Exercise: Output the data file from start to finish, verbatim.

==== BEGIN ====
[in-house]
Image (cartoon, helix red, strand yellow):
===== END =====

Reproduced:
[in-house]
Image (cartoon, helix red, strand yellow):